"We built the brand, we want to protect the brand, we want to make sure anyone that is going to be carrying this brand has the same interest in it and the same love and passion that we have," Furlong says.

Franchisees will be carefully vetted, he said, to ensure their goals and expectations are compatible with the company's — and, the ideal Taco Boyz franchisee will be younger. 

"We're looking for people that are young and are trying to start, and get into something fun and grow into multiple units," Furlong says. "We're not looking for someone who wants just a short play in the company." 

Being part of an emerging company like Taco Boyz means franchisees can have input into the company's direction and decision-making, Furlong says.

Third corporate store 

Then the partners came across a location in Fredericton they considered too good to pass up, in the Corbett Centre on Wayne Squibb Boulevard in a location that used to be a Relish burger franchise. 

'We hope the student crowd will definitely catch onto us,' in Fredericton, says Furlong. (Submitted by Chris Furlong)

"We wish we had had someone to take it right away," Furlong says. "We just wanted it to be a part of Taco Boyz so we took it, and we're going to move actively into that one and start it as our third corporate store."  

They're working on the store now and hope to have it open by the end of April.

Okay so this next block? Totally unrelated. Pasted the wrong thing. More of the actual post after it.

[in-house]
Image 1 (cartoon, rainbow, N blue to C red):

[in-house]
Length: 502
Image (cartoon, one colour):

Fredericton, they say, is similar to Charlottetown in that it's a university town and a capital city that's lacking in restaurant variety. They believe the franchise could expand to several locations in that area too. Although the restaurant is not within walking distance of the university, it is close to other shopping centres and Costco, so Furlong says, "we hope the student crowd will definitely catch onto us."

While Taco Boyz is only offering franchises now in Atlantic Canada, they hope to someday expand elsewhere in Canada.

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About the Author

Sara Fraser

Web Journalist

Sara is a P.E.I. native who graduated from the University of King's College in Halifax. N.S., with a Bachelor of Journalism (Honours) degree. She's worked with CBC Radio and Television since 1988, moving to the CBC P.E.I. web team in 2015, focusing on weekend features. email sara.fraser@cbc.ca